Homer Alaska - Business

Story last updated at 9:46 PM on Wednesday, May 11, 2011

Fish council to act on chinook bycatch

A conflict is brewing between the Federal Subsistence Board and the North Pacific Fishery Management Council over king salmon bycatch in the Gulf of Alaska pollock fishery, a topic slated for final action at the council's June meeting in Nome.

At its April meeting in Anchorage the council voted to adopt a preliminary preferred alternative that would cap the king salmon bycatch at 22,500 fish for the western and central Gulf of Alaska pollock fisheries, a move that was applauded by fishermen and conservation groups.

However, the Federal Subsistence Board voted last week to ask the council to drop that number to 15,000 chinook and place a hard cap of 50,000 chum salmon on the pollock fishery.

The Federal Subsistence Board is the decision-making body that oversees the federal subsistence management program. It is made up of the regional directors of the U.S. Fish and Wildlife Service, National Park Service, Bureau of Land Management, Bureau of Indian Affairs, the U.S. Forest Service and a chairman appointed by the secretaries of the Interior and Agriculture. They have been delegated the authority to manage fish and wildlife for subsistence uses on federal public lands and waters in Alaska.

In 2010 the king bycatch soared to more than 51,000 salmon in all Gulf of Alaska groundfish fisheries at a time when king salmon returns to rivers in the central and western Gulf of Alaska are struggling. Chinook associated with some rivers are designated "stocks of concern" by the Alaska Department of Fish and Game with far-reaching restrictions on commercial and recreational salmon fishermen. There are currently no limits on chinook bycatch in Gulf of Alaska trawl fisheries.

Other interested parties such as the Alaska Marine Conservation Council had praise for the council for taking decisive action and not letting the pollock industry succeed in attempts to lower the cap or delay a decision.

When members of the pollock fleet argued that the industry needed more time to offer their own solution, seafood processor Nancy Hillstrand, owner of the Homer-based Coal Point Seafood Co. and advocate for salmon bycatch controls, presented news stories from 20 years ago decrying chinook bycatch, an indication that more time would not necessarily produce the desired results.

It starts with, "And I looked down and could see king crab, underwater. There were so many of them, in big piles, that I could see them out of the airplane flying at 100 miles an hour. Can you imagine that?"

It's called "When Crab Was King: The Rise and Fall of the Kodiak King Crab Fishery," an oral history project available to listen to or download online from the Kodiak Maritime Museum.

In a series of three-minute vignettes, the museum chronicles the hey-days of one of the biggest booms and busts in the Gulf of Alaska, in the words of the people who lived to tell about it.

From the dramatic opening by Guy Powell, Kodiak's first king crab biologist for ADF&G who moved to the island in 1958, the story is picked up by boat owners, captains, crew, processors, biologists, bar owners, and townspeople who saw many fortunes come and go from the 1950's to 1982, the last year there was a king crab fishery in Kodiak. The peak came in 1965 when 94 million pounds of king crab was caught off the archipelago during a 10-month season. Fishermen were paid 10 cents per pound, about a buck a crab, during the time.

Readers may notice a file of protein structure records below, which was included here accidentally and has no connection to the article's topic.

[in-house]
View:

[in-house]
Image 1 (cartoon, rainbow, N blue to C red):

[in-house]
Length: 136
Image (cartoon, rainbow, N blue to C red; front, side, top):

Long-time fishermen from Homer will recognize many of the incidents, such as the sinking of the City of Seattle, which sank (the first time) on its maiden voyage, and names like Peggy Dyson, who was the Voice of the Fleet, giving twice-daily weather reports on the single sideband radio as well as passing along birth announcements and other big news.

The Kodiak Maritime Museum has also just opened up a portrait photo exhibit of the faces of those people, which runs through June 1, coinciding with the Kodiak King Crab Festival, May 27-30. The images will eventually become part of the museum's permanent collection.

Find it all at www.kodiakmaritimemuseum.org.

In one of the stranger cause-and-effect stories lately, the Norwegian salmon farming industry has been dealt a serious blow as a result of the Nobel Peace Price.

The Associated Press reports that Norway used to be China's top fresh salmon supplier, sending steadily growing volumes to exclusive restaurants in Beijing and Shanghai.

But since the Norwegian Nobel Committee gave the Nobel Peace Prize to imprisoned Chinese dissident Liu Xiaobo, Norwegian salmon exporters say their fish is being held up for days or even weeks by Chinese food safety inspectors, devastating its freshness.

"We cannot get fish in there at all," said Henning Beltestad, the CEO of Norway's Leroey Seafood Group.

Beijing warned relations with Norway would suffer when Liu was declared winner of the peace prize for his calls for political change in China. Six months later, the Norwegians are reportedly stunned by how stubbornly China is sticking to its word.

Apparently it is a one-way street, with Chinese companies having no trouble making inroads in Norway, and is targeted to specific industries.

Trade statistics suggest Norwegian goods that China's industry needs, like oil, metals and chemicals, haven't declined since the Nobel. But specialty products with a strong national identity, such as fjord-farmed salmon, are running into trouble, industry officials say.

Norway's fresh salmon exports to mainland China were down 70 percent in the first four months of the year, compared to the same period in 2010.

Cristy Fry has commercial fished out of Homer and King Cove since 1978. She can be reached at realist468@gmail.com.